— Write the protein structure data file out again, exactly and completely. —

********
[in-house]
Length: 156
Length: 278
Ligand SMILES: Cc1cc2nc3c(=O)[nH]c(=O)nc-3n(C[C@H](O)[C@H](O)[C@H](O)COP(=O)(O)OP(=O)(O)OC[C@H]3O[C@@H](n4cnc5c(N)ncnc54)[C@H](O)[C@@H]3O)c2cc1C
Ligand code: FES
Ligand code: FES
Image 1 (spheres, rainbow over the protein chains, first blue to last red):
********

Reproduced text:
[in-house]
Length: 156
Length: 278
Ligand SMILES: Cc1cc2nc3c(=O)[nH]c(=O)nc-3n(C[C@H](O)[C@H](O)[C@H](O)COP(=O)(O)OP(=O)(O)OC[C@H]3O[C@@H](n4cnc5c(N)ncnc54)[C@H](O)[C@@H]3O)c2cc1C
Ligand code: FES
Ligand code: FES
Image 1 (spheres, rainbow over the protein chains, first blue to last red):